Recognize that Voice of Honda in that commercial? Just a few years earlier that same voice was warning us that women weaken legs:
Yep, the voice of of Honda was Burgess Meredith, Rocky’s trainer.
These Accords had 1800cc engines in their US-spec form, making about 72 horsepower, and you could get them with a five-speed (proudly advertised with a 5speed badge) or a three-speed automatic, well, at least in 1980, as Honda’s peculiar two-speed sorta-semi-automatic Hondamatic transmission was still offered up until 1979.
I’ll have to write about that thing separately at some point.
Anyway, these were good cars, with excellent build quality and getting good gas mileage and priced well. In 1980, my parents’ Accord sedan would have set them back about $6,515, equivalent to around $23,000 today, which isn’t too bad for a new car.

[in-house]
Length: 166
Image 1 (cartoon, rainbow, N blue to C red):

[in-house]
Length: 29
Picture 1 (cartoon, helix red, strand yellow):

Man, now I’m wondering – I remember saving up money around 1981 to get an Atari 2600 (we called it a VCS then but you know) and if I recall I had to save up $140 for it. I think I maybe managed half, and we got the rest at Hanukkah or something. What would that be today? Let’s see. Woah! About $450! Holy shit. That’s a lot of money to play flickery Pac-Man. Worth it.
Accords weren’t crazy, disposable-like-a-Yugo cheap, and they were built to high standards. People seemed to like them, too. Everything about these cars suggests that we should see more of these on the streets, right?